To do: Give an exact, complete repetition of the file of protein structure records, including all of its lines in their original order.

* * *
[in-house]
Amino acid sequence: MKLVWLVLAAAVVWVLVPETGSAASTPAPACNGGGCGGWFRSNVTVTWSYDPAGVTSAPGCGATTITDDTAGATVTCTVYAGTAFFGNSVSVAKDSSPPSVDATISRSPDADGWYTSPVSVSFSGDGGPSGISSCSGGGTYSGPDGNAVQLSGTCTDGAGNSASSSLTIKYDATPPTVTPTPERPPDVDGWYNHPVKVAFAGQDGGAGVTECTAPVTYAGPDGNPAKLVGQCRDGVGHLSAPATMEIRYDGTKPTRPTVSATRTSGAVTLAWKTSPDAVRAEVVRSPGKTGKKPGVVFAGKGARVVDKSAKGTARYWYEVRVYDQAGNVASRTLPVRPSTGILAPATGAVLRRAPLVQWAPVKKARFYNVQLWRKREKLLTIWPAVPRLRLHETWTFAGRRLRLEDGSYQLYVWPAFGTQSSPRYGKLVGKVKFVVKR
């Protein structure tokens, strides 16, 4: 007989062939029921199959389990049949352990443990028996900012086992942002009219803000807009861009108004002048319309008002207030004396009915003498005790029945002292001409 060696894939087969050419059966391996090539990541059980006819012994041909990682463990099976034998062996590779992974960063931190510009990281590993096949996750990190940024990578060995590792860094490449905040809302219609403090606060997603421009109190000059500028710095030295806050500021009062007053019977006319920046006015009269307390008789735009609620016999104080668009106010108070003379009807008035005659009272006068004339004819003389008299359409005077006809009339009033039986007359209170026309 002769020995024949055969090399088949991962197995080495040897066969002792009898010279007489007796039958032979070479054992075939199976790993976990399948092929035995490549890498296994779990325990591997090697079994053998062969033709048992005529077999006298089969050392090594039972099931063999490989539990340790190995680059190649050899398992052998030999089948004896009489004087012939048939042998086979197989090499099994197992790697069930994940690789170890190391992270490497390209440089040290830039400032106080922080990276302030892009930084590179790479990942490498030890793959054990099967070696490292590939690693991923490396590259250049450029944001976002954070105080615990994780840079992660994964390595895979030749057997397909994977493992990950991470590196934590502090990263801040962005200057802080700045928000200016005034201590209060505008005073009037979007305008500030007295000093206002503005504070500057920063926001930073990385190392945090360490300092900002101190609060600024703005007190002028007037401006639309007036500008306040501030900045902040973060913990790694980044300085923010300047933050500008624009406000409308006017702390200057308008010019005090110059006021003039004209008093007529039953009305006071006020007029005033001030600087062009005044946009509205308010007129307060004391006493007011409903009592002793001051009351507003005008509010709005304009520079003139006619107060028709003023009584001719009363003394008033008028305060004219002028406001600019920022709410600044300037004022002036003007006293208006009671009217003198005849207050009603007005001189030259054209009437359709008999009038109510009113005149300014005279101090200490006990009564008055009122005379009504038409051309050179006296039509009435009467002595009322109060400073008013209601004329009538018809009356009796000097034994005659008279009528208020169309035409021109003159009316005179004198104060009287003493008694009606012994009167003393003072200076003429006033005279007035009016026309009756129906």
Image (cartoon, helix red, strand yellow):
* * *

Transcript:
[in-house]
Amino acid sequence: MKLVWLVLAAAVVWVLVPETGSAASTPAPACNGGGCGGWFRSNVTVTWSYDPAGVTSAPGCGATTITDDTAGATVTCTVYAGTAFFGNSVSVAKDSSPPSVDATISRSPDADGWYTSPVSVSFSGDGGPSGISSCSGGGTYSGPDGNAVQLSGTCTDGAGNSASSSLTIKYDATPPTVTPTPERPPDVDGWYNHPVKVAFAGQDGGAGVTECTAPVTYAGPDGNPAKLVGQCRDGVGHLSAPATMEIRYDGTKPTRPTVSATRTSGAVTLAWKTSPDAVRAEVVRSPGKTGKKPGVVFAGKGARVVDKSAKGTARYWYEVRVYDQAGNVASRTLPVRPSTGILAPATGAVLRRAPLVQWAPVKKARFYNVQLWRKREKLLTIWPAVPRLRLHETWTFAGRRLRLEDGSYQLYVWPAFGTQSSPRYGKLVGKVKFVVKR
């Protein structure tokens, strides 16, 4: 007989062939029921199959389990049949352990443990028996900012086992942002009219803000807009861009108004002048319309008002207030004396009915003498005790029945002292001409 060696894939087969050419059966391996090539990541059980006819012994041909990682463990099976034998062996590779992974960063931190510009990281590993096949996750990190940024990578060995590792860094490449905040809302219609403090606060997603421009109190000059500028710095030295806050500021009062007053019977006319920046006015009269307390008789735009609620016999104080668009106010108070003379009807008035005659009272006068004339004819003389008299359409005077006809009339009033039986007359209170026309 002769020995024949055969090399088949991962197995080495040897066969002792009898010279007489007796039958032979070479054992075939199976790993976990399948092929035995490549890498296994779990325990591997090697079994053998062969033709048992005529077999006298089969050392090594039972099931063999490989539990340790190995680059190649050899398992052998030999089948004896009489004087012939048939042998086979197989090499099994197992790697069930994940690789170890190391992270490497390209440089040290830039400032106080922080990276302030892009930084590179790479990942490498030890793959054990099967070696490292590939690693991923490396590259250049450029944001976002954070105080615990994780840079992660994964390595895979030749057997397909994977493992990950991470590196934590502090990263801040962005200057802080700045928000200016005034201590209060505008005073009037979007305008500030007295000093206002503005504070500057920063926001930073990385190392945090360490300092900002101190609060600024703005007190002028007037401006639309007036500008306040501030900045902040973060913990790694980044300085923010300047933050500008624009406000409308006017702390200057308008010019005090110059006021003039004209008093007529039953009305006071006020007029005033001030600087062009005044946009509205308010007129307060004391006493007011409903009592002793001051009351507003005008509010709005304009520079003139006619107060028709003023009584001719009363003394008033008028305060004219002028406001600019920022709410600044300037004022002036003007006293208006009671009217003198005849207050009603007005001189030259054209009437359709008999009038109510009113005149300014005279101090200490006990009564008055009122005379009504038409051309050179006296039509009435009467002595009322109060400073008013209601004329009538018809009356009796000097034994005659008279009528208020169309035409021109003159009316005179004198104060009287003493008694009606012994009167003393003072200076003429006033005279007035009016026309009756129906």
Image (cartoon, helix red, strand yellow):